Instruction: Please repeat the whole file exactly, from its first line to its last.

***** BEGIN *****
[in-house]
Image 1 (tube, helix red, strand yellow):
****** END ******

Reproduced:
[in-house]
Image 1 (tube, helix red, strand yellow):